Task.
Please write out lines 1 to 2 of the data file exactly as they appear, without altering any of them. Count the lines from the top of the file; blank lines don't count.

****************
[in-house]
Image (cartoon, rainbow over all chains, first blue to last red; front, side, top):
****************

[in-house]
Image (cartoon, rainbow over all chains, first blue to last red; front, side, top):